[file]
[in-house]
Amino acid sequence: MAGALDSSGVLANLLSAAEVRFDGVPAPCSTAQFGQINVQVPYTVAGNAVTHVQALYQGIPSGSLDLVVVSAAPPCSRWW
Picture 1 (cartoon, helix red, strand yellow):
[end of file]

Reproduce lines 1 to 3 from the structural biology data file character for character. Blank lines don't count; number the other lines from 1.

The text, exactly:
[in-house]
Amino acid sequence: MAGALDSSGVLANLLSAAEVRFDGVPAPCSTAQFGQINVQVPYTVAGNAVTHVQALYQGIPSGSLDLVVVSAAPPCSRWW
Picture 1 (cartoon, helix red, strand yellow):